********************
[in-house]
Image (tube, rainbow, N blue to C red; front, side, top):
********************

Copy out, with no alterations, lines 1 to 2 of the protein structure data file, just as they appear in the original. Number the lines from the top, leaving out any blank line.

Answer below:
[in-house]
Image (tube, rainbow, N blue to C red; front, side, top):